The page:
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New community-based computer lab to be dedicated at First English Lutheran Church on Dec. 6
New community-based computer lab to be dedicated at First English Lutheran Church on Dec. 6December 03, 2002Judy Holmesjlholmes@syr.edu
Contact: Andrea Manseau
Lab is the result of partnership between First English, Weed and Seed, and Syracuse University’s Lutheran Campus Ministry
Saturday mornings on college campuses are traditionally for sleeping. Not, however, for a small group of Syracuse University students-all members of Lutheran Campus Ministry at Hendricks Chapel-who recently congregated at First English Lutheran Church, 501 James St., to spend a weekend scraping, painting and preparing a little-used room to be transformed into a new computer lab for the community.
At 9 a.m. Dec. 6, the Rev. Craig Herrick will dedicate the new computer lab at First English Lutheran Church. The public is invited to attend. Scheduled to speak at the dedication are Glenn Suddaby, the U.S. attorney for the Northern District region; Nancy Kronen, coordinator of Weed and Seed efforts on Syracuse’s North side; the Rev. Frederick Lampe, pastor of the Lutheran Campus Ministry at SU; and Robert Mervine, a sophomore in SU’s School of Information Studies. Mervine, LCM peer minister for service, coordinated the efforts to make the lab a reality for the congregation.
The lab was made possible by a $7,000 grant from Weed and Seed, a U.S. Department of Justice-funded initiative for revitalizing neighborhoods and eliminating violence, gang activity and drugs. The lab houses 17 networked computers, a scanner and two printers, and will be open to people in the community. Classes will be held to teach people basic computer skills, to send and receive e-mail and to use the Internet.
“I think it’s dynamite,” Herrick says. “The lab will give 90-year-old grandmothers the opportunity to e-mail their grandchildren, and provide basic computer training for children, youth and adults.”
The vision for the computer lab came from the First English congregation, many of whom have few computer skills and little access to computers. Once the grant was secured, Herrick sought help from SU’s Lutheran Campus Ministry to create the lab.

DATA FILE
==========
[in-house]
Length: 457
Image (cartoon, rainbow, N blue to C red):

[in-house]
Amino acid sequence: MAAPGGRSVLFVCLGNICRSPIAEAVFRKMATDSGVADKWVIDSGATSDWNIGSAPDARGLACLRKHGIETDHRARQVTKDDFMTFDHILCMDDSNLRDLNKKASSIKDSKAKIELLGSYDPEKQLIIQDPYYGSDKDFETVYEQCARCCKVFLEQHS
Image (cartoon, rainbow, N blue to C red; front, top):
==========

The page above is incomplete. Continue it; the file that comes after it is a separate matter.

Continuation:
“Lutheran Campus Ministry continually looks for ways to apply the expertise of our students to the needs of the Syracuse community,” Lampe says. “First English has been collecting old computers for a number of years, but until recently, we were not in a position to help put the puzzle pieces together. Things took off last spring. Bobby applied his technical know-how to the vision of the congregation and pulled together his skills, as well as those of other students, friends and family to make the vision a reality.”
Mervine worked with church members and vendors to purchase the needed computer hardware and software, coordinated student work teams and designed the lab’s computer network. Since October, Mervine and his student teams have spent five to eight hours per week working on the lab.
While the lab is physically finished, there is still more work to do. Mervine and others will soon begin teaching computer classes. “My job is to build it and run it,” he says. “The building is done.”
In addition to Mervine, the students who worked on the project are Britt Faulstick, Andrea Manseau, Kristen Olson and Megan Vincent, all students in the S.I. Newhouse School of Public Communications; Justin Huffman and Kathy Weber, students in The College of Arts and Sciences; and Brian Rebuck, a student in the School of Architecture.
Lutheran Campus Ministry at Syracuse University is an open community of worship, growth and support and includes students, faculty, staff, administrators, friends, family, area congregations, the district synod and national affiliations in the name and spirit of Jesus Christ.